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Beschreibung des Verlags
“The kind of writing that makes us want to read the whole book as soon as possible; a shot of adrenaline that immediately takes us to a new world.”—David Varno, Words Without Borders
Journalist Daniel Mandelkern leaves Hamburg on assignment to interview Dirk Svensson, a reclusive children's book author who lives alone on the Italian side of Lake Lugano with his three-legged dog. Mandelkern has been quarreling with his wife (who is also his editor); he suspects she has other reasons for sending him away.After stumbling on a manuscript of Svensson's about a complicated ménage a trois, Mandelkern is plunged into mysteries past and present. Rich with anthropological and literary allusion, this prize-winning debut set in Europe, Brazil, and New York, tells the parallel stories of two writers struggling with the burden of the past and the uncertainties of the future. Funeral for a Dog won the prestigious Uwe-Johnson Prize, and critics raved: "Pletzinger's debut is a real smash hit. It's been a long time since a young German writer has thrown himself into the hurly-burly of life and literature with so much intelligence and bravado" (Wolfgang Hobel, Der Spiegel).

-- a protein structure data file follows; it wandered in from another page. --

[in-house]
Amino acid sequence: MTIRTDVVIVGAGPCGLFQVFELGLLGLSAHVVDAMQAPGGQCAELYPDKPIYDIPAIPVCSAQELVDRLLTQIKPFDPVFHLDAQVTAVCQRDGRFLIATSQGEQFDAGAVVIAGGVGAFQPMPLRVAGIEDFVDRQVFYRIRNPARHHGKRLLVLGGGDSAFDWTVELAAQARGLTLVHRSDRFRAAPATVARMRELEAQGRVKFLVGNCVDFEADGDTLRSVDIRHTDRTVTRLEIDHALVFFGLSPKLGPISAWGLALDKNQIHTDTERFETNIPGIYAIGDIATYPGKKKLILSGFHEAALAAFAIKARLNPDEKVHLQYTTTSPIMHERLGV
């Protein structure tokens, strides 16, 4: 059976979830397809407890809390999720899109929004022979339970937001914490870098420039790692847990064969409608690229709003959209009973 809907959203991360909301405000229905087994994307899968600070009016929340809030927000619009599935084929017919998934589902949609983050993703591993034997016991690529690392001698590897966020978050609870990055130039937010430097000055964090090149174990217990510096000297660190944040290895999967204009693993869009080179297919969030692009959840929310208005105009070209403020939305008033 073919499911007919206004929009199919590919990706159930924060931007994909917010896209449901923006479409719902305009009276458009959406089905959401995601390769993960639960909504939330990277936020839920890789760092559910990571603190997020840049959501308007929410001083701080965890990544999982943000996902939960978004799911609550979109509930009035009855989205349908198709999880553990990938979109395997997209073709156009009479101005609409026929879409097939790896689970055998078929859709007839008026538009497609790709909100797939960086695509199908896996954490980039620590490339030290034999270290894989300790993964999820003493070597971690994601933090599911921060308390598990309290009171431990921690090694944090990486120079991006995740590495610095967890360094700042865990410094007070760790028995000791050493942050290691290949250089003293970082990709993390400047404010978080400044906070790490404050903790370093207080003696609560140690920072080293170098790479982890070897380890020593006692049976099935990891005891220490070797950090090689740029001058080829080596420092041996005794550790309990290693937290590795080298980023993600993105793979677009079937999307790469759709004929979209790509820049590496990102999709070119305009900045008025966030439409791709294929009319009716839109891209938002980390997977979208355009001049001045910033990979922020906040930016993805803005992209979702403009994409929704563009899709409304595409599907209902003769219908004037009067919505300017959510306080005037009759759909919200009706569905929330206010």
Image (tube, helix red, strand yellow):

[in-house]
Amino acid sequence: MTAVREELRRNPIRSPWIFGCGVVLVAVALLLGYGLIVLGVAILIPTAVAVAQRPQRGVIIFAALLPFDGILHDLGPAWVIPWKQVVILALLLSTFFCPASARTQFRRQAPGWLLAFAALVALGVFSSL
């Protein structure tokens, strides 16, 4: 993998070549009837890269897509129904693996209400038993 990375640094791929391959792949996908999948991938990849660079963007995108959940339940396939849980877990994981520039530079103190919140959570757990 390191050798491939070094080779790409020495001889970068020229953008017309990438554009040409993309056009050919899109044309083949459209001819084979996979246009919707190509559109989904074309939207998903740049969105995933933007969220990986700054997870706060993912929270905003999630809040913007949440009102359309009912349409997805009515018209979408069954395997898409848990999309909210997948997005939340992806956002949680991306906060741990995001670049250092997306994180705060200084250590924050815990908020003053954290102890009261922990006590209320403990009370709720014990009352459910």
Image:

When we first meet Daniel Mandelkern, an ethnologist moonlighting as a journalist for his newspaper editor wife, it's through a series of postcards that the reader will spend the rest of this vibrant, intricate novel untangling. Dispatched to profile children's book author Dirk Svensson, who reportedly lives with his three-legged dog near Milan, Mandelkern is nonplussed with his assignment but anxious to escape his wife. What unfolds, through flashbacks, Mandelkern's observations, and excerpts from Svensson's unpublished memoir, is a complex story about how people deal with love and loss though it doesn't hurt to remember what Svensson's old friend and lover, says: "stories are one third truth, one third fiction and one third the attempt to glue the other two with words." Pletzinger does an admirable job of revealing intriguing characters without being heavy-handed or coy, and the story he tells is smart and well paced, no small feat considering the large scope and the messiness of the lives chronicled. It's a smart and rewarding debut marked by accomplished writing, a slick translation, and intelligent takes on the absurdities of contemporary life.